Rockefeller Productions of New York City takes a fresh look at one of America’s most popular sitcoms of the 1980s.
Columbus Association of the Performing Arts will present “That Golden Girls Show! A Puppet Parody” at 7:30 p.m. Feb. 11 and 1:30 and 7:30 p.m. Feb. 12 at the Lincoln Theatre, 769 E. Long St. in Columbus.
Tickets are $41 and $51 and may be purchased in person at the CBUSArts Ticket Center, 39 E. State St., online at capa.com or by phone at 614-469-0939.
Samantha Lee Mason plays the role of Rose Nylund, often portrayed as innocent and naïve, played by the late Betty White, who would have celebrated her 100th birthday Jan. 17.
“I have an impression of her I do during the show,” Mason said. “She’s very hard to do a vocal impression of, which I did not anticipate, but it’s a good challenge.
“Playing Rose meant a lot to me,” she said. “She’s a very earnest character. Her optimism is an inspiration to me.”
Members of the acting troupe basically hold the puppets upright, maneuvering as they would during the show and doing voiceovers of each character.
The cast also includes Miranda Cooper as Sophia Petrillo (played on television by Estelle Getty), Dylan Glick as Dorothy Zbornak (Bea Arthur) and Lu Zielinski as Blanche Devereaux (Rue McClanahan), with swing support from Nate Rocke.
“I think that the puppets bring different elements to the show,” Mason said. “It brings a lot of comedy on stage. What we wanted for our audience is to be able to experience what it’s like to be part of a live studio audience.”
They will perform three entire sitcoms during the Columbus shows.
White’s death Dec. 31 was felt worldwide and certainly by members of the company, Mason said. Yet it also has sparked a renewed interest in her work, she said.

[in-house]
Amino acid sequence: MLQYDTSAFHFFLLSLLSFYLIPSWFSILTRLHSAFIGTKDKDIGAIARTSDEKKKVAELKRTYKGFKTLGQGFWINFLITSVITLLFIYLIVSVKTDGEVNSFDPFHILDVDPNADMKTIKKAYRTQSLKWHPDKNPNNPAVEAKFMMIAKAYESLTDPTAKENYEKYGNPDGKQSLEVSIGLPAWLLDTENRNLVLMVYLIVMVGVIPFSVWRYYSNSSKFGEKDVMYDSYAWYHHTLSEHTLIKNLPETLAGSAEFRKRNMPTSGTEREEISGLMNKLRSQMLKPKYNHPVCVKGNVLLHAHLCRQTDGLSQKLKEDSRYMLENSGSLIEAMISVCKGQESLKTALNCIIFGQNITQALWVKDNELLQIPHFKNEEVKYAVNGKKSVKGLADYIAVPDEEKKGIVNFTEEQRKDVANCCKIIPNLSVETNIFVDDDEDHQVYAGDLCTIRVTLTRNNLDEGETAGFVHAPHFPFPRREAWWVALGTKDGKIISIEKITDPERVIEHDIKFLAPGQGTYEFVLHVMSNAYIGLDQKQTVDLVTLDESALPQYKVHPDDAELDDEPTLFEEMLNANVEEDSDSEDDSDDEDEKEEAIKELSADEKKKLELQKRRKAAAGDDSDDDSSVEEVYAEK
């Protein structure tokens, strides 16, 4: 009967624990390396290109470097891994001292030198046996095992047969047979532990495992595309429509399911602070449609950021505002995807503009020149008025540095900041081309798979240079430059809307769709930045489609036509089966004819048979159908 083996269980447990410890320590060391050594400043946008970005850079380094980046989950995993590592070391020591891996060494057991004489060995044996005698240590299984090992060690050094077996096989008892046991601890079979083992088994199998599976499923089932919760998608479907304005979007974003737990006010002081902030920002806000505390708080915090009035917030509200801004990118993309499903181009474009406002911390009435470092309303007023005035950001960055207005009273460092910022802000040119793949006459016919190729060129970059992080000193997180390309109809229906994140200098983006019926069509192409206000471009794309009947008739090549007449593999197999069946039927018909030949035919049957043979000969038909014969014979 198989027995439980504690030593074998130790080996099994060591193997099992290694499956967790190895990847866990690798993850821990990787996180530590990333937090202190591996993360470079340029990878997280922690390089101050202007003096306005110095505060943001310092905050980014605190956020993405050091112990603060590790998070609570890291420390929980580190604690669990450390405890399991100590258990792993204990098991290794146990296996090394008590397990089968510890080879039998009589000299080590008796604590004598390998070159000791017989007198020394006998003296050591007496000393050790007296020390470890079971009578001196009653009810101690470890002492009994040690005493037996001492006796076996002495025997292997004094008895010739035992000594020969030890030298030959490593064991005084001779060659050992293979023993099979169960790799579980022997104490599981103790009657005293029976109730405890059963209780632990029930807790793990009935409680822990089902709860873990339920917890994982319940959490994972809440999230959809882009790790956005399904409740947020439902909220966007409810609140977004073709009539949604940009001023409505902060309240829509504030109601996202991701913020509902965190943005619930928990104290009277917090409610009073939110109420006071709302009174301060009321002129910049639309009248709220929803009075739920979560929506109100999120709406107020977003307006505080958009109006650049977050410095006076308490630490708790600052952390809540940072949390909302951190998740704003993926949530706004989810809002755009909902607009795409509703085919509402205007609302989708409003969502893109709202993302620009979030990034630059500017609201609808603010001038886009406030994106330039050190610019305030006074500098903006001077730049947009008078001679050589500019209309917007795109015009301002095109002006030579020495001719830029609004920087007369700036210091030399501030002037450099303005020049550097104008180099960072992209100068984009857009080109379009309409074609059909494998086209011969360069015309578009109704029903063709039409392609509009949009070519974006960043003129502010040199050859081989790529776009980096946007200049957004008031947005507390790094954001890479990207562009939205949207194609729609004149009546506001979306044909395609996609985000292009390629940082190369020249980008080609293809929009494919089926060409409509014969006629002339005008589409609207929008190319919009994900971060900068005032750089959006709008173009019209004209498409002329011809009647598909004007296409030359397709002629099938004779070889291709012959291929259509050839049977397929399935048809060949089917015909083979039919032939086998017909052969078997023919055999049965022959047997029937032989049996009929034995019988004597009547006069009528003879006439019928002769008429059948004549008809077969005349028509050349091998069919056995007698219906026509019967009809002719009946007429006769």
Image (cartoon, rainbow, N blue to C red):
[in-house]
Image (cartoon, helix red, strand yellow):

“I think a lot of people, since her death, have been seeking out new ways to consume her material, to experience her as a performer and her art,” she said.
Directed by Michael Hull and written by Doug Kmiotek, “That Golden Girls Show! A Puppet Parody” was started an off-Broadway production in 2016 and gained momentum over the years, but the show was cut short because of the COVID-19 pandemic, Mason said.
It regrouped in October and will conclude its season in April, she said.
The puppetry definitely is a new way for the audience to connect with the show, which was set in Miami, Mason said.
“There’s actually a lot of action in the show,” said Mason, likening the puppetry to "Avenue Q" and "The Muppets."
“It’s very fun getting to bring an intimate object to life,” she said. “We never lose our childlike sense of play. We want their eyes to be on the puppet but a mixture of looking at my face but more on the puppet.”
"CAPA is thrilled to bring the show to Columbus,” said Rolanda Copley, the organization’s publicist. “This new twist on one of the most beloved television shows of all time will remind us all why those four characters were so near and dear to our hearts.”
This article originally appeared on ThisWeek: Columbus' Lincoln Theatre: 'Golden Girls' parody brings sitcom to life with puppets